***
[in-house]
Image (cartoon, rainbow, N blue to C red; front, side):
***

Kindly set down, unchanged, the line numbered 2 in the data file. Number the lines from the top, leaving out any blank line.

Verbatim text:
Image (cartoon, rainbow, N blue to C red; front, side):